Who Needs Exams?

We’ve just passed the time of year that students of all ages start panicking. It tends to also correspond with the time that students get uncontrollably engrossed with a TV programme that has over four series, which they have never gotten around to watching before and decide to start from series one, episode one and then watch about eight episodes a day. Exam time is not fun and who on earth decided that it would be a good idea to give us a four week holiday right before they start. Okay, for some people, that month is an ideal time to start revision, but for others, it’s time to catch up with friends and family and maybe even go and visit that person you know who’s doing a semester abroad in Paris for a week or go on the university ski trip.

Exams seem to be all about learning a formula and testing how good your memory and concentration is. If you haven’t worked at all from September to March, it doesn’t really matter, as long as you have to ability to cram and recite facts from a text book or memorise quotes from authors, literary critics or philosophers. If people have been attentive and contributed in their seminars, handed in all of their formative essays and arranged meetings to discuss their progress with their tutors, they will not necessarily receive better marks than students who have missed every lecture, but look on their university website to find some secondary reading to regurgitate.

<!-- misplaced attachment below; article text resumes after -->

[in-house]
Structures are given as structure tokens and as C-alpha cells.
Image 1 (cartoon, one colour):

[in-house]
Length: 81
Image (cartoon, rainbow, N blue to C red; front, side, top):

It is likely that the people who cram in a lot of the information right before tests or exams will not be able to remember it by the time the summer comes around. The majority of students are also made to write thousands of words in timed conditions, by hand, which is something that they will probably never have to do again in their lives. I am sure that most universities would be able to facilitate all students who wanted to do their exams on computers, allowing them to write faster and avoid cramp in their wrists, as well as being able to go back and neatly change their points without having to draw asterisks all over the page and scribble over irrelevant points.

It has been proven that people have different learning styles and not everyone works well under pressure. If a mark was devised from a student’s overall progress throughout the year, taking class participation and coursework into consideration, surely this would be a fairer judge of their academic ability. Yes, it would mean that students have to work at a consistently high level over the course of the year to receive a good grade or at least work well for the majority of the year, but surely this would be better than the horrendously stressful few months that students have to go through before summer. It may also mean that students would be encouraged to spend more time with their tutors, which is something that can unfortunately be lost in the transition from sixth form or college to university.

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